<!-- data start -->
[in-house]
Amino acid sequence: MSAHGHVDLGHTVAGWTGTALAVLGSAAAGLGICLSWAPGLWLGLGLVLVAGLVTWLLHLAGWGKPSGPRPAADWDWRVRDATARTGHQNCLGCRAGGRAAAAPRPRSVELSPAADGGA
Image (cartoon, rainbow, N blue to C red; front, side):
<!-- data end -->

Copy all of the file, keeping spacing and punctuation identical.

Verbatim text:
[in-house]
Amino acid sequence: MSAHGHVDLGHTVAGWTGTALAVLGSAAAGLGICLSWAPGLWLGLGLVLVAGLVTWLLHLAGWGKPSGPRPAADWDWRVRDATARTGHQNCLGCRAGGRAAAAPRPRSVELSPAADGGA
Image (cartoon, rainbow, N blue to C red; front, side):